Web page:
INTERVIEW: Masala Festival | NARC. | Reliably Informed | Music and Creative Arts News for Newcastle and the North East

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Image: Arun Ghosh by Emile Holba

Returning for its eighth event, the incredibly popular and award-winning GemArts Masala Festival returns to a variety of venues to celebrate South Asian creativity and cultural goodness.

Continuing to expand on its original premises of bringing impactful art and culture to venues and spaces in the North East, this year’s event sees even more packed into the festival’s six-day duration, which runs from Monday 17th-Sunday 23rd July.

This year we’ve tried to go even bigger and better than previous years,” confirms Vikas Kumar, chief of GemArts and curator of the Masala Festival. “In the first instance that means being really clear with some of the themes we want to explore, such as celebrating and exploring contemporary experiences of migration, identity, existence and place. Then after that it’s really been about trying to work with international artists from across the South Asian diaspora, as well as local artists, to create really impactful events and art that have a real potential to positively influence people and connect them to each other.”

Built around a variety of art-based events, including music, dance, literature, poetry, films, exhibitions, workshops, events for children and families, and food, this year’s Masala Festival aims to push the festival’s artistic boundaries into new places. Vikas confirms the intent by offering an insight into the diversity of the events: “We want to use different types of art so that we can impact a diverse collection of people with diverse interests – some people may have a preference to see shows or films, others might want to read stories or poetry, and no matter which type of art people enjoy I’m sure the festival has something for everyone.”

Sometimes all we need is a little nudge and a little inspiration and it can bring out huge changes to how we feel and how connected we are

Opening with dance and live music production Roshni by Sonia Sabri Company at Dance City on Monday 17th, the festival also hosts a number of unique events including a collaboration with the BBC Proms programme at Sage Gateshead featuring two leading lights of the British jazz scene, Yazz Ahmed and Arun Ghosh (Friday 21st); Michael Messer’s Mitra offer up a unique fusion of blues and Hindustani slide guitar and tabla rhythms at The Cluny 2 (Wednesday 19th); there’s the launch of Out Of Sri Lanka, a ground-breaking anthology of Sri Lankan and diasporic poetry published by Bloodaxe Books at Culture Lab (Thursday 20th); and You And Me, a dance performance event which is choreographed from a South Asian feminist perspective by Amina Khayyam Dance Company at Monument Metro (Friday 21st). Also worth noting will be the work of artist Sajil Kaleem, whose paintings consider colonial remnants of buildings using the visual language of ornate South Asian tradition of beautification, which will be exhibited at The Newbridge Project from Thursday 20th-Saturday 22nd; and some fascinating film showcases including Rehana Maryam Noor, a gripping and unsettling tale following a medical school lecturer who witnesses the sexual assault of one of her students, screening at Tyneside Cinema (Tuesday 18th), and Topographies: Places And Faces, a programme of short films at BALTIC which explore urban and rural landscapes across South Asia exploring contemporary youth experience, identity, existence and place (Saturday 22nd). The festival culminates with the Mini Mela at Bensham Grove Community Centre, which encourages families to get involved in colourful and vibrant arts, crafts and music from across the Indian sub-continent (Sunday 23rd).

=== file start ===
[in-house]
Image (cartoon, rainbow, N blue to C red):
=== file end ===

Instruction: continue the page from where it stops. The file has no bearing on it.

More than anything, we want the Masala festival to be somewhere that offers accessible places which enable people to be inspired in some way and then to feel safe to have conversations about their own interests and enjoyments.” Vikas explains. “We are all, regardless of our heritage, incredibly different as individuals and we all have our own tastes and preferences which give us unique and interesting personalities. The more that we can share those with others, the more comfortable people can be to share their own stories and their own art with others. Sometimes all we need is a little nudge and a little inspiration and it can bring out huge changes to how we feel and how connected we are.”

Regardless of artistic interest, Vikas is keen to point out that the heart of the Masala festival has been, and always will be, the people who attend. “It’s great to have shows and events but more importantly this is a chance to connect and learn with others; the Masala festival is for everyone regardless of age, gender, ethnicity, background and interests.”

To read exclusive interviews and features with a variety of artists taking part in this year’s Masala Festival, including Yazz Ahmed, Arun Ghosh and Michael Messer click here.

GemArts Masala Festival takes place at various venues from Monday 17th-Sunday 23rd July. For the full programme, visit their website.

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